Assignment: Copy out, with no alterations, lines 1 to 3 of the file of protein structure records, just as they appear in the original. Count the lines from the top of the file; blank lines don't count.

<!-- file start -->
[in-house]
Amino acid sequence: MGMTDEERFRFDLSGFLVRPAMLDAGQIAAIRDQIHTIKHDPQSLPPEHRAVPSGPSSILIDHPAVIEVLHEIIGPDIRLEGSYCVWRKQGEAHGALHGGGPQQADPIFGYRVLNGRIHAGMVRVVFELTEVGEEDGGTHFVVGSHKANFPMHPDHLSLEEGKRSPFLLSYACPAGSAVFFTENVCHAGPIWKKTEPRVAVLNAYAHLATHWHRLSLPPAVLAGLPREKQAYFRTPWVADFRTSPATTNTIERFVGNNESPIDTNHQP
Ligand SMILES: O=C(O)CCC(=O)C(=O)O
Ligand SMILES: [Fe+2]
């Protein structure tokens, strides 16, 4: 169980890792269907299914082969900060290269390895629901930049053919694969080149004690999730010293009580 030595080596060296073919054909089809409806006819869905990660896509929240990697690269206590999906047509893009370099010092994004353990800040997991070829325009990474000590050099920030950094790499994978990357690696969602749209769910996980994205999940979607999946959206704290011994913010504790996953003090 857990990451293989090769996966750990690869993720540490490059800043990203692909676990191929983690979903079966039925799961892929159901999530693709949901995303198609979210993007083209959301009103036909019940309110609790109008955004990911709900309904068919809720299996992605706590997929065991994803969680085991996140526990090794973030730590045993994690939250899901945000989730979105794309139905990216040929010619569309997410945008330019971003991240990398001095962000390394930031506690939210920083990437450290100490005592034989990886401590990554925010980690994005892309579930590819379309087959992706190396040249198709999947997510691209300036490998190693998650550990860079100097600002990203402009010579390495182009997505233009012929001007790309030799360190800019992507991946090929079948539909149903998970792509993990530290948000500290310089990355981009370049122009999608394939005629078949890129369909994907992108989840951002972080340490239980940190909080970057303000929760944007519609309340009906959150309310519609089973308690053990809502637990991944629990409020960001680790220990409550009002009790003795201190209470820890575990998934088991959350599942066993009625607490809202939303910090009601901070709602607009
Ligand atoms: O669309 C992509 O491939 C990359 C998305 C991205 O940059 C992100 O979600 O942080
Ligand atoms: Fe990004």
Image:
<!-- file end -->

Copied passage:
[in-house]
Amino acid sequence: MGMTDEERFRFDLSGFLVRPAMLDAGQIAAIRDQIHTIKHDPQSLPPEHRAVPSGPSSILIDHPAVIEVLHEIIGPDIRLEGSYCVWRKQGEAHGALHGGGPQQADPIFGYRVLNGRIHAGMVRVVFELTEVGEEDGGTHFVVGSHKANFPMHPDHLSLEEGKRSPFLLSYACPAGSAVFFTENVCHAGPIWKKTEPRVAVLNAYAHLATHWHRLSLPPAVLAGLPREKQAYFRTPWVADFRTSPATTNTIERFVGNNESPIDTNHQP
Ligand SMILES: O=C(O)CCC(=O)C(=O)O